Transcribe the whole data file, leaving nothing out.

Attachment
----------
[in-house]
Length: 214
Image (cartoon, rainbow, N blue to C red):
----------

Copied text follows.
[in-house]
Length: 214
Image (cartoon, rainbow, N blue to C red):